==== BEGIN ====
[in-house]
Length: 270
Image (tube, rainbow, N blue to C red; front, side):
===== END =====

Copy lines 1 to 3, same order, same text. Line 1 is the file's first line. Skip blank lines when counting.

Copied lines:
[in-house]
Length: 270
Image (tube, rainbow, N blue to C red; front, side):